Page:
Peel Watershed Yukon’s wilderness a gift to the world

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By Juri Peepre

Special to the News

Deciding the future of the Peel Watershed is more than a local matter. The outcome of land-use planning now underway will say much to the world about how Yukon people see their home place.

Will the Peel Watershed Planning Commission and the Yukon government set a visionary path of protection and careful stewardship for this celebrated wilderness, or will it be business as usual? Will the Yukon contribute to global conservation of nature, or whittle away at one of Canada’s great and still largely pristine mountain river ecosystems?

A promise of change is being fulfilled to the south. US President Obama reversed a cynical last-minute giveaway by the Bush administration and cancelled leases to drill for oil and gas around America’s most treasured national parks. He has also refused to perpetuate a policy of denial on global climate change, outlining an ambitious and leading role for the United States in dealing with the issue.

Reason has returned to the Oval Office and the United States is now on the verge of a climateand energy-driven green revolution.

The Yukon was once a conservation leader—recall the hopeful days that led to the Yukon Conservation Strategy and the Umbrella Final Agreement, or the Yukon Environment Act with its embracing language on the value of wilderness. Remember the Yukon’s commitment, along with all other Canadian jurisdictions, to complete a network of protected areas as part of our responsibility to conserve biodiversity and the vitality of the North.

Sadly, in the absence of enlightened leadership and under the weight of vested local corporate interests, the Yukon left the progressive mainstream, retreating to a muddy backwater of 1950s thinking.

Fear mongering about the prospect of a large protected area in the Peel Watershed has spilled out of the chambers of business and mining and into the halls of a sympathetic Yukon government. Duplicity runs deep as politicians duck the conservation question and defer to the Peel Planning Commission, while their department staff manoeuvre to ensure that the commission does not recommend more than scraps of wilderness protection—if any at all.

Yukon mandarins, the deputy deciders, claim there is no mandate for new protected areas, while others say it’s just too hard and costly. According to the Energy Mines and Resources Department, wilderness has no value and a large protected area no place in the Peel watershed.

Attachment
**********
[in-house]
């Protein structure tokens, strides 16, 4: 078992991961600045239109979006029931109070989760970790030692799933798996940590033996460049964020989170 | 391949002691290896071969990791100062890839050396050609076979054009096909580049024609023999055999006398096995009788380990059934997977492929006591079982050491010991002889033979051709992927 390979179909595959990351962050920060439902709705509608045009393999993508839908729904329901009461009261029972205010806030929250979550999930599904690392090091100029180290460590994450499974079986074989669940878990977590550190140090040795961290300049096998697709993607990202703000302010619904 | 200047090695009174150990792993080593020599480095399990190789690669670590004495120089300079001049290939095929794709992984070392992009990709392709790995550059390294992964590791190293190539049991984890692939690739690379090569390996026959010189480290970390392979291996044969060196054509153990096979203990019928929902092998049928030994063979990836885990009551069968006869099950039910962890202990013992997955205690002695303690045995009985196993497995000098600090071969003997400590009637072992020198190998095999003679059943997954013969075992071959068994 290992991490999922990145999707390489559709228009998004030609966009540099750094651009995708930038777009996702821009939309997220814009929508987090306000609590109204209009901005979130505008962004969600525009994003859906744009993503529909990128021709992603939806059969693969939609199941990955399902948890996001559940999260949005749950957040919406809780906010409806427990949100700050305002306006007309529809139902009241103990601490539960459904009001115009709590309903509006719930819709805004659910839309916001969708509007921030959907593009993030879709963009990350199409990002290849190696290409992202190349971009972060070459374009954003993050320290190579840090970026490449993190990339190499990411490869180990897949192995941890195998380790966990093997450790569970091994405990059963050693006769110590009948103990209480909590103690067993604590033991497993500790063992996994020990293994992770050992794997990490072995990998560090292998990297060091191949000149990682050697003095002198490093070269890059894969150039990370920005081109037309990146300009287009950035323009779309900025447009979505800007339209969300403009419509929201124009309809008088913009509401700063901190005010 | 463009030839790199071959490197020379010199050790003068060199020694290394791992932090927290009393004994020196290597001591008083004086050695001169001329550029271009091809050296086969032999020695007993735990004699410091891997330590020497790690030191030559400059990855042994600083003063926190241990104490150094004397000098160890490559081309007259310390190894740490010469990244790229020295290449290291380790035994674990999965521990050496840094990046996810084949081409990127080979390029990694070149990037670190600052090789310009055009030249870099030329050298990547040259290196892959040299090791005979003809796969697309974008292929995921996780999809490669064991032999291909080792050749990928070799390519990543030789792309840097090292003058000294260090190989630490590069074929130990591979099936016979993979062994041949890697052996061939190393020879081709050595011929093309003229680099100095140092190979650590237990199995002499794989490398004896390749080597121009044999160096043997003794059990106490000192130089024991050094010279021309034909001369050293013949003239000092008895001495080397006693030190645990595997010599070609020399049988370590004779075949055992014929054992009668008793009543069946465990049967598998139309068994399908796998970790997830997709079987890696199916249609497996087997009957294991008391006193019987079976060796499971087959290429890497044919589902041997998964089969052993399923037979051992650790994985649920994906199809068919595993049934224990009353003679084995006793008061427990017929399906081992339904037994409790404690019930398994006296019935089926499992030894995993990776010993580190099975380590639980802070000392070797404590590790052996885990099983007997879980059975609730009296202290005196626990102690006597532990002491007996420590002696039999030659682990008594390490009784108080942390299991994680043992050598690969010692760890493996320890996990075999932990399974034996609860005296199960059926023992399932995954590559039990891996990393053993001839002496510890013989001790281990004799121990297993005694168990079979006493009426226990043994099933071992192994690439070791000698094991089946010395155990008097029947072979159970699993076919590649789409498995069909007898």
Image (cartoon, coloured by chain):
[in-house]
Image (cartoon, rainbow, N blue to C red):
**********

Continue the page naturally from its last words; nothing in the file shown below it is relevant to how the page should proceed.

Apparently mining, oil and gas development, roads and industrial infrastructure can all exist “responsibly” everywhere in the Peel watershed—there is no need to leave more parts of our landscape off-limits to bulldozers.

This view contrasts sharply with that of the International Union for the Conservation of Nature, which states ,“Protected areas are internationally recognized as a major tool for conserving species and ecosystems. The ecosystems that they protect provide a range of goods and services essential to human well-being, such as watersheds….”

The Yukon government notion that we can somehow manage ever-increasing industrial development throughout the Peel basin, and still protect water, cultural heritage, wildlife and wilderness values, is simply bunk.

Why the widespread denial and outright hostility towards the Yukon’s conservation obligations? Is there no hope for a future that still supports big wild places? Is it not enough that the great majority of Yukoners and Canadians (according to recent polls) want to protect 60 to 75 per cent of our vast northern boreal forests?

Do the First Nations’ calls for protection of the Peel Watershed not count in the mathematics of our democracy?

Today’s scientific consensus is that we should protect more than half of the carbon-rich boreal ecosystem in order to ensure its ecosystem services and benefits are maintained in the long term.

Last year, more than 1,500 leading scientists recommended that at least half of Canada’s boreal forest be protected—if we are to have any chance of conserving free roaming wildlife populations and intact ecosystems, especially in light of a changing climate.